Krish: One of the aspects of education in particular, that's kind of a topic that's been in the news a lot lately, is the importance of equity and inclusion. And I know you mentioned, you know, social sustainability in your [award acceptance] speech and how that one of the values you have for conservation is because it's preserved the records and that's how you know about the past and everything. So, what do you see as the role of the conservation professional in addressing some of these issues? I know that's a really broad question. So feel free to take it in any direction you'd like or however you'd like to address that.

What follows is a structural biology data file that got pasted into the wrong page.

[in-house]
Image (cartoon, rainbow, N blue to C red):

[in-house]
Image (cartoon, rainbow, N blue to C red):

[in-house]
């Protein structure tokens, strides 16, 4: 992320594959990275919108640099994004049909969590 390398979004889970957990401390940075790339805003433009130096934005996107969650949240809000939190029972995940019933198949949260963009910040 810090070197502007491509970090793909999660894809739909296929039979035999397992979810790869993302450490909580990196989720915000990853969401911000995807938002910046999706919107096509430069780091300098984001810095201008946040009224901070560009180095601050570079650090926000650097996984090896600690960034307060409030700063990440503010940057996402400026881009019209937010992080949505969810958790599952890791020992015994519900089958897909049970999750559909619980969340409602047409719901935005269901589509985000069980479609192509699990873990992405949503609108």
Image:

Pavelka: Well, and obviously, again, this is not limited just to conservation. It’s something that we’re facing as a society, which is great to see, because it has been an underlying issue for a long time. It's nice to see it more in the forefront. When I talked about the history of my neighborhood and how that's evolved over the years, what I was getting at there, and when it came to an end, is that that information is in libraries and archives. One of the frustrations that many of us have with the field of conservation is libraries and archives are often given a short shrift. [laughs] We’re much more concerned with museums and the sort of fancier end of things. Our profession could not exist without libraries and archives because we wouldn't have the information we need and I think that's true of pretty much every aspect of our lives. So that's sort of what I was getting at with that. Yes, I have strong political views about all of that, but we'll leave that for another time.